Global Strategy Prof’s Paper is a Business Pace-Setter
Dec. 17, 2010
An article by business strategy Professor Mike W. Peng has generated so much buzz in the scientific community that a science trend tracker recently recognized the work as a “Hot Paper.”
Essential Science Indicators (ESI), a data and statistics analyzer, based its designation on the speed with which the 18-page treatise has attracted attention from other scholars and the number of times they have cited it since its publication.
Peng is the Provost’s Distinguished Professor of Global Strategy in the School of Management. The paper, “The Institution-Based View as a Third Leg for Strategy Tripod," was first published in August 2009.
His paper explores how the laws, rules, regulations, and norms that society devises to define acceptable behavior are more than the background against which management strategies play out. Collectively, researchers refer to all the formal and informal standards as institutions, and Peng and his co-authors focus on how an institution-based view gives context to and plays a leading role in the study of strategic management.
An example? Because of success with groundbreaking automobiles and electronics, Japan is generally viewed as an innovative country. But its lack of even one top-notch pharmaceutical company undermines this reputation, Peng writes. This industry-specific failure tracks back to an institutional tradition, Peng says. Specifically, the Japanese Ministry of Health sets lifetime drug prices, and this practice acts as an institutional disincentive for investment into research and development of new medicines.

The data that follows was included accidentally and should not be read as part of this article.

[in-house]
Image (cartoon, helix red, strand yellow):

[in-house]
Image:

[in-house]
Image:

The article by Peng and his UT Dallas PhD student co-authors, Sunny Si Lun (now an assistant professor at the University of Missouri at Kansas City), Brian Pinkham, and Hao Chen, appeared in Academy of Management Perspectives (Vol. 23, Issue 3). The “tripod” in their work’s title refers to the argument that the institution-based view is one of three essential outlooks in strategic management. Introduced and developed earlier in the approximately 30-year history of the field, the other two views are industry-based and resource-based views.
Because Peng’s was the newest Hot Paper in economics and business, Sciencewatch.com, a companion website to ESI, highlighted his work in November. “In two words,” he said in a commentary on his work, “institutions matter. More specifically, institutions, which have typically been in the background of much strategy research, deserve to be brought to the forefront of the strategy research agenda.”
Peng, who came to UT Dallas in 2005, is a prolific and influential global strategy scholar. Both the United Nations and the World Bank have cited his work, and he has published almost 80 articles in leading journals. He has authored five books, including three best-selling textbooks. He teaches master’s, doctoral and executive courses in strategic management and global business.